Nuclear Weapons

Defence written question – answered on 11th November 2010.

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Photo of Paul Flynn Paul Flynn Labour, Newport West

To ask the Secretary of State for Defence at what location on his Department's website the text of its value-for-money review of the nuclear weapons systems can be accessed; which (a) Ministers, (b) officials and (c) external experts participated in the review; how much it cost to conduct; and if he will publish each submission made to it.

Photo of Bob Ainsworth Bob Ainsworth Labour, Coventry North East

To ask the Secretary of State for Defence how many staff of his Department were employed on the Trident value-for-money review (a) on a part-time basis and (b) on a full-time basis; and what estimate he has made of the cost of the review under each category of expenditure.

Photo of Liam Fox Liam Fox The Secretary of State for Defence

The value for money review's outcomes were published as part of the Strategic Defence and Security Review which can be found at the following link:

Because of the classified nature of much of the supporting paperwork there are no plans to publish anything further.

The Ministry of Defence agreed the conclusions of the value for money review before it was passed to the Cabinet Office for consideration by the National Security Council. The Secretary of State, Minister of State for the Armed Forces and the Minister for Defence Equipment, Science and Technology were also closely involved in the review.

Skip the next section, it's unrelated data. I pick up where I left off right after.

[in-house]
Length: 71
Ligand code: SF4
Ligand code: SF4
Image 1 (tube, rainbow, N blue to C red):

The review was conducted by Rear Admiral Philip Mathias and Mr Ian Forber, a senior civil servant from the MOD, both working full time, and a number of other MOD staff provided significant input to the review within the scope of their existing posts. The final staff cost is estimated to be approximately £120,000. In addition, there has been some expenditure on external assistance and technical consultancy for the value for money review which has totalled some £200,000. Overall, the value for money review produced savings of £1.2 billion and deferred spending of up to £2 billion over the next 10 years.

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